Activity Being Avoided: it’s a holiday, so I’m free from obligations… right?
Music In My Head: Neutral Milk Hotel has been in my head for almost a month now. It usually alternates between April 8, Naomi and Two-Headed Boy. Sometimes it decides that 3:30 a.m. is the time for Pree-Sisters Swallowing a Donkey’s Eye. I used to think Pink Floyd’s Comfortably Numb was going to send me off the deep end, but this is taking it to a whole new level.
Tea Being Drunk: No tea. Hot chocolate mixed with a cup of coffee and a lot of sugar.
Book Being Read: Today, being a holiday in Canada, is the day to finish off the last few pages of some four books. I picked up a copy of Marni Woodrow’s Heyday last night, and will likely start that today.
The Writer left her ivory tower last night. She travelled two cities to the east, got a little lost in the back alleys, found her destination, and spent a couple of hours with other humans. On the way home, she ran into an old friend and spent an hour holding down a small piece of Bloor Street pavement while catching up on the last twenty years. Despite having established that she is Way Too Old to do that sort of thing on a work night, she is in rather a good mood today.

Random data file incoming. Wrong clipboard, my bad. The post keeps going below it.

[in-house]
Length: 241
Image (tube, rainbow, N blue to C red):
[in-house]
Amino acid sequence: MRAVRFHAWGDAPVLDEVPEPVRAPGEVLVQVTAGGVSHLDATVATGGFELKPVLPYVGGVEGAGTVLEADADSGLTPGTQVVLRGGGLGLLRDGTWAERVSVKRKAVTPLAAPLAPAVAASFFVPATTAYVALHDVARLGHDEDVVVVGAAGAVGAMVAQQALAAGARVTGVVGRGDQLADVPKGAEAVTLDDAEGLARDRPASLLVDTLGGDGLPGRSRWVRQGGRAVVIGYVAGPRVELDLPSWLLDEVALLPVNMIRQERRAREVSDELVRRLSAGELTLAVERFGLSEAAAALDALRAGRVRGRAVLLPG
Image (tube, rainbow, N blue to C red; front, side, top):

An update on the book: I totally lied about the cover. A friend, deftly avoiding the phrase “strap on a pair”, suggested that the cover I had designed was very philosophical and something more visceral might be in order. This is the now the cover: